Do the young people in your school feel confident engaging with scientific concepts, terminology, experiences and thinking? Do they believe science is “for them”? In this blog post, Science Museum Group (SMG) Academy Manager Beth Hawkins shares five ways teachers can help learners develop “science capital” – promoting more positive perceptions of, attitudes towards and aspirations within the sciences.

To read more about the research behind these recommendations, click here.

1. Personalise and localise your content

The more we can relate science content to what matters in learners’ lives and local communities, the more we can create “light bulb moments” where they can see the personal relevance and feel closer to the topic. This is more than contextualising science through world events or generic examples; it is about taking some time to find out about the current interests and hobbies of the individual learners in your classroom. This might include discussing how forces link to a local fair or a football match, or how understanding the properties of materials or chemical reactions can help when baking or cooking at home.

2. Show how many doors science can open

Many young people see science as a subject that only leads to jobs “doing science” – working alone in a laboratory or in a medical field. Yet from fashion and beauty to sports and entertainment, business or the military, nearly all industries use science knowledge and skills. Demonstrate that science can open doors to any future career, to help young people see the value and benefit of science to their future.

For ideas and guidance on linking learning to the world of work, log in to the NACE members’ site for the NACE Essentials guide to CEIAG for more able learners.

3. Widen perceptions about who does science

Science seems to have a bit of an image problem. If you search online for images of scientists, your screen will be filled with hundreds of images of weird-looking men with wild hair, wearing white lab coats and holding test tubes or something similar. Scientists are often portrayed similarly in the popular culture that children are exposed to every day – it is no wonder many young people find it hard to relate. Take every opportunity to show the diversity of people who use science in their work or daily lives so that learners can see “people like me” are involved in science and it isn’t such an exclusive (or eccentric) pursuit.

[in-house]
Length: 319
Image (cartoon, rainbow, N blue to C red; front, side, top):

4. Maximise experiences across the whole learning landscape

Young people experience and learn science in many different places – at school, at home and in their everyday life. No single place or experience can build a person’s science capital, but by connecting or extending learning experiences across these different spaces, we can broaden learners’ ideas about what science is and open their eyes to the wonders of STEM. Link out-of-school visits and activities back to content covered in the classroom. You could also set small related challenges or questions for learners to investigate at home or in their local area.

5. Engage families and communities

Our research has found that many families see science as simply a subject learned in school, not recognising where and how it relates to skills and knowledge they use every day. All too often we hear parents saying, “I am not a science-y person”, “I was terrible at science in school” or even “You must be such a boffin if you are good at science.” When young people hear those close to them saying such things, it is not surprising that a negative perception of science can start to grow and the feeling “this is not for me” set in.

Encourage learners to pursue science-related activities that involve members of their family at home or in their local community. Model and encourage discussions which link science to young people’s interests – this will help to show the relevance of science and normalise it. For specific ideas, check out The Science Museum’s free learning resources.

Additional reading and resources:

Webinar for NACE members

SMG Academy Manager Beth Hawkins is running an exclusive live webinar for NACE members on 27 February 2019, exploring the research on science capital and implications for teaching and learning. For details and to register for your free place (or to access the recording and slides), log in to our members’ site.

Beth Hawkins is the Science Museum Group (SMG) Academy Manager. She has been working in formal and informal science education for over 22 years, including roles as head of science in two London schools. Since joining the Science Museum, she has developed and delivered training to teachers and STEM professionals nationally and internationally, and led many of the SMG’s learning research to practice projects.

The Science Museum Group Academy offers inspirational research-informed science engagement training and resources for teachers, museum and STEM professionals, and others involved in STEM communication and learning.
 
Date: 
Friday, February 8, 2019